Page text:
Small Time Crooks


A throwback to his Broadway Danny Rose style of moviemaking, Woody Allen’s Small Time Crooks

feels like an attempt to please an audience that doesn’t exist anymore.

Elevated by a truly comic ensemble that works hard to replace whatever

inspiration is missing from the screenplay, this is inarguably a minor

work, more assured than Deconstructing Harry but lacking the defensive aggression that made the earlier film more than a nostalgia piece.

Allen’s character, an ex-con sarcastically known as The Brain, opens

the film by hatching a half-witted get-rich-quick scheme involving the

digging of a tunnel from the basement of a bogus bakery to a nearby

bank. To his chagrin, his bumbling assemblage of would-be crooks is

singlehandedly upstaged by wife Tracey Ullman, whose cookie recipes are

a hit with the neighborhood and offer a legitimate route to the top of

the world. Elaine May steals pretty much each scene in which she plays

Ullman’s dim sister.

So far, so good, but the remainder of the film deals routinely

with the divide between high culture and low culture, as embodied in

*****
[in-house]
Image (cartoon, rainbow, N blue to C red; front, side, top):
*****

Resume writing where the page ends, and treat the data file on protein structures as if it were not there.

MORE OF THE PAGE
the gap between rich and poor. Gaining wealth but retaining her

hopelessly poor taste, Ullman has the misfortune of asking smoothie

Hugh Grant to help her gain an appreciation of the finer things. The

shady Grant hopes to separate her from as much of that money as

possible. Something aspiring to hilarity ensues.

Some of the jokes bear the patina of a canned food shelved long past

its sell-by date, but what’s worse is the lack of warmth. Allen has

made some wonderful movies celebrating the guileless charm of working

class New Yorkers, as well as those that find being pampered and

neurotic an equally romantic proposition. Unlike the TV writer in Manhattan who found contemporary art hopelessly pretentious, or the working woman in The Purple Rose of Cairo

who took solace in Astaire and Rogers movies, it’s painfully apparent

that the main characters here really are hopelessly gauche. Indeed, the

point is that their innate cluelessness transcends even the

transformational power of the dollar. I suppose Allen intends the

audience to feel a kinship with these simple folks, but it comes across

as condescension, which he doesn’t wear well. B-

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